...“We can stay out a little longer,” [Owen] Labrie tells me after lunch. With glasses, an untucked shirt and a sweater, the 20-year-old has the casual mien of a college student, but Labrie is not in school. He was supposed to be a sophomore at Harvard by now. Instead, he’s on a kind of parole, with a strict curfew. The former prep school superstar was convicted earlier this year on misdemeanor and felony sex charges involving a younger girl, and he has to get to his mother’s soon, or he’ll be subject to arrest. ... You can understand prosecutors wanting to use the Internet predator statutes to widen the scope of their investigation of Labrie. It allowed them broader subpoenas. It was a wrench in their toolbox, and they used it. “But that’s a total dodge,” says Nancy Gertner, a Harvard Law professor, Democratic appointee to the federal bench and a women’s rights attorney who is not the only feminist troubled by Labrie’s case, especially how it began as a three-week plea deal and ended up as a felony and a lifetime on the sex registry. “They had discretion.”
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Politico
A big week ahead, as lawmakers look to fund the government
Ted Cruz and Mike Lee released an interesting bill last week: the RESULTS Act, intended to provide for reciprocal approvals of drugs and devices. (For example, if, say, Canada approves Drug X for sale up north, FDA would have to consider doing so as well.) But Harvard scholar Rachel Sachs believes the law’s title is a bit of a misnomer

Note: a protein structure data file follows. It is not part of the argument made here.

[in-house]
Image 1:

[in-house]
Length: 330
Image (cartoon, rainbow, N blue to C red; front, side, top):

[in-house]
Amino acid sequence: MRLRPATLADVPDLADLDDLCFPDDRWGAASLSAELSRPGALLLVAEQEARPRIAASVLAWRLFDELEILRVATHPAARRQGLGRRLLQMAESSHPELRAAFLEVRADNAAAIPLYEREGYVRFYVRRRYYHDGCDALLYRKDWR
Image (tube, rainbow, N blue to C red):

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Harvard Gazette
An enduring Christmas groove
Melancholy, upbeat, serene, and infectious are just some of the words that describe Vince Guaraldi’s quintessential holiday soundtrack, “A Charlie Brown Christmas,” whose unforgettable blend of jazz and carols has enchanted listeners for 50 years. The music, many agree, is the backbone of the beloved animated special starring cartoonist George M. Schulz’s “Peanuts” gang. ... For many, including Harvard Law School faculty assistant Brad Conner, the composer’s fusion of Latin rhythms and blues riffs with traditional Christmas music served as an introduction to jazz. As a boy growing up in West Virginia, Conner loved the show’s animation, but it was Guaraldi’s music that captivated him.